The parent child relationship is far more than the early years and it’s an area where frankly I would love to hear more voices from those in the trenches.

 

 

Straddling the class ladder and family

Just a quick post as I head off to bed. Tonight after a tasty dinner cooked by the Spousal Unit I ended up spending some time talking with my Dad trying to make light conversation about life and the state of the world. Yet it was one of those conversations that veered a little off course which frankly is quite common with my Pops but by the end I had one of those light bulb moments. My dad has now been with us a few weeks and it’s still an adjustment and part of it is due to his rather acerbic personality, coupled with the fact that ours has never quite been a warm and fuzzy relationship. However the light bulb went off tonight that some of my general discomfort is really based on the fact that I am a class straddler.

I have never made a secret of the fact that I am a child of the working class, as I often joke during my childhood we alternated between two states, poor and working class. Working class was what happened in a good year and  poor was the rest of the time. However due to just making different choices than my folks made, I am no longer officially a member of the working class though in many ways it’s what I still identify with. Though as I discovered it’s a lot easier for me to identify as working class when dealing with friends who come from family money than with my own father.

During his time here there has been that sense at times that he does not quite understand how we live, why we make the choices we make. One night he actually commented to us “So this is how you live” on the night in question it was a Saturday night and the hubby and I were getting ready to settle down to watch a movie and share a glass of wine. Ours is a quiet existence, far more stable and frankly quieter than what I grew up with.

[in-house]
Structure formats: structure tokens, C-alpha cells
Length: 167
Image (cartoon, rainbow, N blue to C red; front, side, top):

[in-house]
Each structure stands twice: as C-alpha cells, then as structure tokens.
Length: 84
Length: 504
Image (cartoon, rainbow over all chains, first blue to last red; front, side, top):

Like most working class kids I did not grow up in a household where simple discussions were held for no reason. Instead my parents chiefly my Dad ruled the house as if it were his kingdom and the rest of us were serfs. Rules were laid down and you followed them lest you wanted to get your ass kicked. Alfred Lubrano is his book Limbo talks at length about this, part of the reasoning behind this is that for many working class folks, their home is the only place where they have a say and can actually control things. My father seems amused that our five year old is allowed a voice in things, once again tonight reminding me of the good ole days when you could slap a kid upside the head. Having been the kid being slapped upside the head I have no desire to create those memories for my own kid.

As a straddler I realized even seemingly small things like buying in bulk seem to perplex my Dad, as he asked me today why I had bought multiple packs of batteries. It was one of those moments where I clearly felt the divide between how I was raised and who I have become as an almost 40 year old woman. One of the legacies for me growing up with little is that for years I had behavior bordering on hoarding but now I simply like to keep a well stocked house. After all it would make no sense to buy toilet paper one pack at a time in house with two bathrooms.

I often struggle with my working class roots in professional settings yet tonight I realized that even with family that movement up the class ladder can create a disconnect and frankly it saddens me.